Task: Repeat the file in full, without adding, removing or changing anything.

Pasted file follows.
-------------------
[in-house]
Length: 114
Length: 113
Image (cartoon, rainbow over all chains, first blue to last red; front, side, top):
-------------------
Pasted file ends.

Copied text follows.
[in-house]
Length: 114
Length: 113
Image (cartoon, rainbow over all chains, first blue to last red; front, side, top):